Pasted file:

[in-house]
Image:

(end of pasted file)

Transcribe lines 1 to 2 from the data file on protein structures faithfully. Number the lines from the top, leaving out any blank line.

[in-house]
Image: